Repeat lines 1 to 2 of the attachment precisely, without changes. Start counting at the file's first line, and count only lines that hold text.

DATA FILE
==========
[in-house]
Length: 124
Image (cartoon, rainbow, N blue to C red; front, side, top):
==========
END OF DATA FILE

[in-house]
Length: 124